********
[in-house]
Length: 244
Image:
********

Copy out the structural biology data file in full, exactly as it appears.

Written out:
[in-house]
Length: 244
Image: